He couldn't just be held on labels alone. With regard to Guantanamo, they said Guantanamo is not a land without law, that detainees who are held there for more than two years have a right to have the legality of their detention tested. So I think the administration wanted to say that there are individuals who are outside the law, enemy combatants, and there are geographical areas in which they have total control, Guantanamo, and they lost on both counts.

  • MARGARET WARNER:

    But Professor Kmiec, at the same time the court did recognize this new idea about an enemy combatant, did it not, and that the president does have a right to detain even a U.S. Citizen not on formal criminal charges but as an enemy combatant.

  • DOUGLAS LITTLE:

    I think that's exactly right, Margaret. I would disagree with the dean on the issue of the whether or not the president was rebuked by these cases. I think the president asked for a certain latitude in conduct of a very unconventional war, a war that this country has never faced before and it is true that he said that his determination of enemy combatant should be the final word. The court said, well, we'll give substantial deference.

    We'll give favoritism to the government's position. We'll allow the government to prove its position with hearsay evidence. We'll place the burden of proof on the detainee, but we are going to provide an element of due process to an American citizen, to allow him to challenge the government's characterization. So the president asked for a level of authority, didn't get it all but got a substantial amount. Yes, exactly right, the court recognized that even American citizens unfortunately can act as belligerents against their own country and can be an enemy combatant and detained as such.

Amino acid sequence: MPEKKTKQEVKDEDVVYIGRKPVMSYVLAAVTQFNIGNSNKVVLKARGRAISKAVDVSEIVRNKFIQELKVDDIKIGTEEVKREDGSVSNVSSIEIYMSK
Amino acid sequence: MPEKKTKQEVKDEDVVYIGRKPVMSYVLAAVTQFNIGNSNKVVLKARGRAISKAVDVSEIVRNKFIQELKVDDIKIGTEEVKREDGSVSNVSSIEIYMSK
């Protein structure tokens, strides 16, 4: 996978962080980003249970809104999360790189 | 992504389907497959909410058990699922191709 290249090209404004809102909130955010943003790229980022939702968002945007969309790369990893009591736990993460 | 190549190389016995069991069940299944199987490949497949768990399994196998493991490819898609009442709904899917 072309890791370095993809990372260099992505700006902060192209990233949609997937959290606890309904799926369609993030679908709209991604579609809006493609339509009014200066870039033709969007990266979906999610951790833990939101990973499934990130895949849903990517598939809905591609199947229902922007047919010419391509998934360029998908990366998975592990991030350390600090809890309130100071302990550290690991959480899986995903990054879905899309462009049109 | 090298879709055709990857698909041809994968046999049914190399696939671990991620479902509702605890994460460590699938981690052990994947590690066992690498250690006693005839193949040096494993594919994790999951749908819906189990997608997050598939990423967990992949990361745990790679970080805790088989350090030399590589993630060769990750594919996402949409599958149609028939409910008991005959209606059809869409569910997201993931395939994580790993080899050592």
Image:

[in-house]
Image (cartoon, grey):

• MARGARET WARNER:

    Now Professor Kmiec staying with you, let's stay with that thread and go to the related issue. We're already talking about executive power but bring in the Cheney energy task force case. Where do you think the court came down there in this separation of powers discussion about the power of the executive branch and the authority?

  • DOUGLAS KMIEC:

    Well, the court had a tendency this term to decide a substantial number of issues, but then to leave the ultimate act to lower courts and to allow them to be the final decision-maker. This was true in the Cheney case. The Cheney case dealt with the vice president's energy task force and whether or not he could maintain the confidence and the confidences that had been expressed in that task force or whether he was obligated by a federal statute to disclose them. The Supreme Court, I think very strongly hinted that the lower courts must give substantial deference to the vice president's interest in maintaining confidentiality.